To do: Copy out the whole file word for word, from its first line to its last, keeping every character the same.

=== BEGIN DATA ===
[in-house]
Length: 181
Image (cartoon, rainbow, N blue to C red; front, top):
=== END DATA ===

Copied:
[in-house]
Length: 181
Image (cartoon, rainbow, N blue to C red; front, top):